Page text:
The 2021 Legislative Session: The Colorado Comeback

In the midst of a global pandemic and a challenging year that has severely impacted the state, legislators came together to deliver urgent relief to struggling Coloradans and build our state back stronger. 

The legislature was able to deliver on promises that were years in the making – passing transformational legislation that will pave the way for a Colorado where everyone can thrive. By putting people over politics and working across the aisle to accomplish great things, 94% of our passed legislation received bipartisan support.

In order to recover faster and build back stronger, lawmakers developed a bipartisan state stimulus package to foster the Colorado Comeback, make monumental investments to strengthen small businesses, support Colorado families, invest in rural Colorado, and develop our workforce. Specifically, lawmakers passed bills to:

  • Create a $30 million startup loan fund for businesses across the state;
  • Provide $15 million in grants to small businesses;
  • Dedicate $100 million to wildfire mitigation, preparedness and response;
  • Invest $22 million to support artists and arts and-culture organizations;
  • Provide more than $100 million to increase child care capacity and affordability;
  • Create a $30 million loan and grant program for Colorado’s agricultural sector;
  • Add $8 million to rural economic development programs; and
  • Allocate $75 million in for upskilling and reskilling our state’s workforce.

In addition to passing state stimulus policies, state leaders worked collaboratively to enact Colorado’s roadmap to Building Back Stronger – embarking on a statewide listening tour to gather input on how to allocate nearly $4 billion in federal funds from the American Rescue Plan Act. 

The roadmap also dedicated $1.3 billion in federal funds to protect critical state services in future years and set aside nearly $1.8 billion for future transformational investments in housing, behavioral health, education and workforce development, and economic stimulus and recovery that will be crafted through bipartisan interim processes.

Beyond tackling urgent needs and enacting once-in-a-generation stimulative plans, lawmakers prioritized addressing longstanding issues that have burdened Colorado for decades. 

One such issue is the inaccessibility and unaffordability of health care. With skyrocketing health care costs and limited affordable options, lawmakers crafted legislation to implement the Colorado Option, a policy that is set to save Coloradans 15 percent on their insurance premiums and create a guaranteed plan for consumers. Lawmakers also passed the Prescription Drug Affordability Review Board, which will reduce the cost of prescription drugs and help protect Coloradans from having to forgo life-saving medications because they’re too expensive.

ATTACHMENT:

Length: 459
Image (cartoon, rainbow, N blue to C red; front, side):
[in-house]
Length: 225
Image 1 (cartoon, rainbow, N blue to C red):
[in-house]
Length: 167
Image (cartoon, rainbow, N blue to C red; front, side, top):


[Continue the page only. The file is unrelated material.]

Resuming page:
Another long-standing issue that has held Colorado’s economy back for decades is transportation. After booming population growth yet insufficient funding, Colorado’s infrastructure is in desperate need of repair and modernization. That’s why the 73rd General Assembly prioritized passing a groundbreaking transportation plan – finally ending the gridlock that has plagued our state for years. Supported by a large, bipartisan coalition, this historic legislation will help support a dynamic economy, improve air quality, create jobs, and ensure Colorado is well-positioned to compete with other states. 

Last year, Colorado experienced one of the most devastating wildfire seasons in our state’s history – destroying property, worsening pollution, damaging natural resources, displacing wildlife, and hurting local economies. The legislature passed bills which dedicate over $100 million to prevent and mitigate the destructive impact of wildfires in our state and help our natural environment recover from previous fires.

Sadly, the legislature was also confronted with the all-too-familiar issue of gun violence during the legislative session. After 10 people lost their lives in the Boulder King Soopers shooting, Democratic lawmakers crafted and passed three measures designed to save lives by expanding background checks, creating a resource office for gun violence prevention, and giving local governments the tools they need to craft community-based solutions. In combination with three other measures including safe storage, reporting of lost or stolen weapons, and protecting domestic violence survivors, the legislature passed six critical bills in total this year to curb the epidemic of gun violence.